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NASA will award Boeing with excess cost contract for up to 10 SLS rockets



  The Space Launch System (SLS) Structural Liquid Oxygen Structural Test Test was manufactured and arranged in June 2019 at NASA's Michoud Assembly Facility in New Orleans.
Enlargement / The Space Missile Space Missile (SLS) missile test system was manufactured and commissioned in June 2019 at the Michud Assembly Facility at NASA in New Orleans.

NASA

The principle behind the plus cost contract is simple. Sometimes the US government needs something extremely difficult, complex and unprecedented to build. In these cases, there are technical challenges that must arise, but the government pays the contractor the full cost of development costs plus a fee – often 10 percent.

This is a useful tool for getting the best performers in the country to focus their efforts on large programs that the government considers valuable. But this is not a good way to encourage a company to move quickly through a program, especially as businesses seek to maximize profits. This is because the longer a contract expires, the more money it costs and the higher the fees it generates.

The alternative to this is a fixed price contract whereby the government pays the seller a flat fee for a product. If the company delivers a product for less than that, it is profitable. If the product ultimately costs more, the company eats the difference. Most of the time, a company does not get paid most of the financing until it delivers a product.

Rockets were once considered to be an extremely difficult and complex technology – and it is still very difficult to obtain accurately. However, commercial space companies are already building capable missiles, regardless of the US government. The US Air Force recognized this and moved from single source contracts, plus costs to competitive, fixed-price awards to launch national security.

Travel costs for production?

Nine years ago, NASA began the process of building a Space Launch System rocket, selecting Boeing as the vehicle's prime contractor. Although much of the boosters have used mature technology, including mainstream space shuttle engines, conventional rocket fuels, and side mounted boosters derived from the shuttle, NASA awards plus-cost contracts for rocket development. Building the main stage and integrating all the technology of the rocket was difficult, complex and unprecedented, the agency said.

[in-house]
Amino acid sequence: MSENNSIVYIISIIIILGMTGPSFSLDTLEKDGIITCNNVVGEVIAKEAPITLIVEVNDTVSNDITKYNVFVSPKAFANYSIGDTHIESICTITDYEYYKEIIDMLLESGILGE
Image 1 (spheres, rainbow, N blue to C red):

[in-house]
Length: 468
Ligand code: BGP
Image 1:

It seems that the rocket has coped with what critics say about plus and emergency contracts. The missile is already three years late for its first launch and is unlikely to launch before at least mid or late 2021.

However, SLS builders say the missile is already in production since Boeing is almost finished the first main stage and the work begins on the second vehicle. "SLS is the only rocket powerful enough to send Orion, astronauts and deliveries to the moon in one mission, and no other rocket in production today can send as much cargo into deep space as the Space Launch System rocket," John Honeyck, NASA [19659010] On Wednesday, NASA announced it was negotiating a contract with Boeing to purchase 10 major SLS milestones. The announcement did not specify costs – NASA and Boeing have never been transparent about costs. , but surely the production and operating costs of a single SLS launch will be much more than $ 1 billion, and there is no mention of the contract mechanism.

Agency spokeswoman Catherine Hambleton told Ars that the terms of the contract have not yet been finalized. "NASA anticipates that the contract will be a hybrid of a plus-incentive-fee and a price-plus-award-fee, potentially moving to a fixed price," she said. to reduce costs during early production to enable the lowest possible unit cost for later fixed-price missions. "

Political Pressure

If it seems remarkable that a government contractor would conclude a plus-cost contract to produce a rocket that has been around for nearly a decade to learn how to build and that went into production and which based on inheritance technology, that's it. However, in negotiations with NASA, companies like Boeing (and Lockheed Martin, which recently received a similar deal for the Orion spacecraft) know that they have strong political backers.

In this case, with the SLS missile in Alabama, which o includes a senator who writes the agency's budget effectively, making it clear that SLS missile financing is his priority, so in this case, though NASA may not necessarily want to give Boeing a spending contract plus for rockets SLS for the next 15 years, it may have little choice.

What is even more remarkable about NASA's Artemis Lunar program is that, as agency executives have repeatedly stated, the most sophisticated technological component of the program is not rockets. . Rather, the landing system will take astronauts out of the moon's orbit, down to the surface and back. However, the Artemis program does not have strong support from Congress. As a result, companies struggling to build lunar land will bid for fixed-price contracts.


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